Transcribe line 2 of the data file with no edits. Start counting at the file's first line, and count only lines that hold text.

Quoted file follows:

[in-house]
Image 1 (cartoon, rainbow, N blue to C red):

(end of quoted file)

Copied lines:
Image 1 (cartoon, rainbow, N blue to C red):